East Slope-West Slope water agreement aims for ‘peace in our time’
In the valley of Devil’s Thumb, where legend has it the Ute and Arapaho Indian tribes once resolved differences after years of battle, East and West Slope water negotiators announced their own historic peace treaty. Colorado Gov. John Hickenlooper, who as former mayor of Denver helped to instigate Colorado water talks, praised negotiators for their efforts during a roll-out event at Devil’s Thumb Ranch in Tabernash on Thursday morning.”Collaboration can move mountains, and move water wars,” the governor said. “We are interconnected in a way that demands this type of approach.”Hickenlooper said he first became aware of the value of the state’s water as a restaurateur in Denver, in the making of beer.The water compromise – heralded by a panel of Colorado River District representatives, county commissioners and other leaders – can be compared to “looking at the state budget,” the governor said.”No one is going to be perfectly happy. No one gets everything that they want. But you end up with an agreement that has lasting significance.”
The long talked-about list of “enhancements” to protect West Slope rivers was officially rolled out after five years of negotiations among as many as 34 parties, including those with agreements with Denver Water, those tied up in litigation with the utility, water users and permitters.Negotiations were made possible with the help of professional mediator John Bickerman of Washington, D.C., who is also mediating negotiations between the West Slope and the Northern Colorado Water Conservancy District, with its pending Windy Gap firming project in Grand County. The Denver Water-West Slope “Colorado River Cooperative Agreement,” if signed by all parties involved, creates protections for the Fraser and Blue Rivers, certain tributaries and the upper and middle rivers of the Colorado River to the Grand Valley (Grand Junction).The deals hashed out in this 50-plus page agreement are an “all or nothing” proposition, according to Grand County Manager Lurline Underbrink Curran. And all of it is contingent on approval of the Moffat Collection System expansion permit sought by Denver Water. Thursday was the first time the public had the chance to see this side proposal, which had been kept confidential due to the sensitivity of court cases. One lawsuit involves Denver Water and its use of the Blue River and Dillon and Green Mountain reservoirs. “This became a mechanism to settle those issues without having to litigate,” Underbrink Curran said.”Coloradans of the West Slope have watched our water flow uphill, flow toward money, flow to the Front Range,” said Summit County Commissioner Thomas Davidson, during his speech at the event. “As leaders on the West Slope, we’ve had lots of times when our constituents have come to us and asked, ‘what are you doing about it?’ I think it’s really important to say to all the folks on the West Slope: With this agreement, we’ve really done something about that.””This is the start,” said Grand County Commissioner James Newberry, adding a lot of loose ends still need to be sorted “to ensure implementation.””I think it’s too good of a thing to let die on the vine,” he said.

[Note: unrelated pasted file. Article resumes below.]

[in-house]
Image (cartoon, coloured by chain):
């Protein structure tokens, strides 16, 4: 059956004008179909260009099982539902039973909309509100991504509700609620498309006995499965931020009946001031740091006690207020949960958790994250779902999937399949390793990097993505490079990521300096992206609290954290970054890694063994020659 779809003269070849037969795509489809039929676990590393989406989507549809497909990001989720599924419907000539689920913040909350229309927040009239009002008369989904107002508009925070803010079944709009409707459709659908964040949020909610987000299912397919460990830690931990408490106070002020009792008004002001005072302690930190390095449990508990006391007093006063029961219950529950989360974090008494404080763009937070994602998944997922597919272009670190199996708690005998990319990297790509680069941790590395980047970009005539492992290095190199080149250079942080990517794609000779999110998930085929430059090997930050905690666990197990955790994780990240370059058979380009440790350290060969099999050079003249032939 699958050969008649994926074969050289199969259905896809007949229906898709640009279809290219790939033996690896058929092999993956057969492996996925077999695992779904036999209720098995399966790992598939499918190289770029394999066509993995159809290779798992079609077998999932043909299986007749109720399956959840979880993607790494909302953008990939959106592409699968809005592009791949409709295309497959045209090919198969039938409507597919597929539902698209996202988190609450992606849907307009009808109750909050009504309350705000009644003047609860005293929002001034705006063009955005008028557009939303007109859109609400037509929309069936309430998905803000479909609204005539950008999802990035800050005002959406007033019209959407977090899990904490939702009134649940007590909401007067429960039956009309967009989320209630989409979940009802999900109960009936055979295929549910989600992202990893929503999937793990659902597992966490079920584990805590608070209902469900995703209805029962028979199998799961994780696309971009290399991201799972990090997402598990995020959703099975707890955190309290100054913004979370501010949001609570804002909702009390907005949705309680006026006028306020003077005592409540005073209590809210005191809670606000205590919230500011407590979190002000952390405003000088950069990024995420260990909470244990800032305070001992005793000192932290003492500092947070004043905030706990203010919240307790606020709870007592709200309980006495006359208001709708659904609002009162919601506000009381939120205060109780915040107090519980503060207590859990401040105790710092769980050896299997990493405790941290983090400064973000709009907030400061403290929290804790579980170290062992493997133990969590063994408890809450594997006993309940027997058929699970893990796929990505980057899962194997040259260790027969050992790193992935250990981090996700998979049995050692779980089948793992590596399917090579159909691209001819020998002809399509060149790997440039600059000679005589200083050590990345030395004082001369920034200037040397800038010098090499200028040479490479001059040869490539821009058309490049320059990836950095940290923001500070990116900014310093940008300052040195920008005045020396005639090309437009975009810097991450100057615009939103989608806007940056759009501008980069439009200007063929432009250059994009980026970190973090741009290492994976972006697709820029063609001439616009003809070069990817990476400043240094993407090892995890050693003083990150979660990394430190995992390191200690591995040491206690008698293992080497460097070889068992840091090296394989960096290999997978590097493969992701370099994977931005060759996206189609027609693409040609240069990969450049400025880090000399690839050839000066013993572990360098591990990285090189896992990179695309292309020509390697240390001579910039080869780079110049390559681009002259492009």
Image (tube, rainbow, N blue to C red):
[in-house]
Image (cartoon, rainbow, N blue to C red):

The pending West Slope agreement with Denver Water aims to address “past sins” that created river deficiencies from a long and checkered history of trans-mountain diversions. Experts agree the Fraser and Upper Colorado rivers have been severely depleted and damaged by this history.In its obligation to serve 1.3 million users and visitors in Denver, said Denver Water CEO / Manager Jim Lochhead during the event, Denver Water “also needs to put that obligation into a context. We have an obligation to the rest of Colorado, including our neighbors on the Front Range, on the West Slope and to the environment.”Seeking to address many environmental and water supply challenges on the Western Slope, the agreement throws money at some of the problems. But perhaps most importantly, the agreement creates a framework for continued West and East Slope relations – a management plan termed “Learning by Doing.” Committees comprised of scientists and water leaders would be bound to take stake in the health of the rivers on an annual basis, Underbrink Curran said. The county manager is most proud of the “global” solutions the document introduces.”There are three pretty enormous things, that, over time, I believe will become more and more important,” she said. (See first three proposals listed in the side bar.)For the water utilities in Winter Park and Fraser, the proposed agreement outlines minimum flows at the Fraser headwaters that can be counted on, according to Mike Wageck of the Winter Park Water and Sanitation District. The deal could answer the question: “How much do we really have to take from the river to provide for customers and the community if we don’t know if Denver can play around with it?” he said. The deal would also provide 1,000 acre-feet of bypass flows from Denver’s yield used to improve the quality of the river, allows use of Denver’s infrastructure to move water owned by ditch shareholders such as Grand County, and provides 375 acre feet of water for the towns of Winter Park, Fraser and Granby. In all, $11 million would be put toward rivers in Grand County for aquatic environment, nutrient loading and other projects that would benefit the Fraser River. Another $11 million would be directed to Summit County. “The package is actually better than the alternative, in my opinion,” said Bruce Hutchins, manager of Grand County Water and Sanitation District No. 1. “Otherwise, it would be business as usual, and that is unacceptable.”Aside from the Colorado Cooperative proposal, still coming down the line as part of the Moffat Collection System permitting process are separate fixes that may become conditional to the official permit, such as those recommended from the Colorado Wildlife Commission.